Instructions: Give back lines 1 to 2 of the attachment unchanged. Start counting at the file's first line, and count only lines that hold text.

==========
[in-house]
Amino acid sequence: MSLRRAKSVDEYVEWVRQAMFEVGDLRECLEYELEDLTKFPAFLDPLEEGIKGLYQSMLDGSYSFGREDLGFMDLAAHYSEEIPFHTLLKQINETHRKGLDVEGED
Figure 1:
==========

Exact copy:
[in-house]
Amino acid sequence: MSLRRAKSVDEYVEWVRQAMFEVGDLRECLEYELEDLTKFPAFLDPLEEGIKGLYQSMLDGSYSFGREDLGFMDLAAHYSEEIPFHTLLKQINETHRKGLDVEGED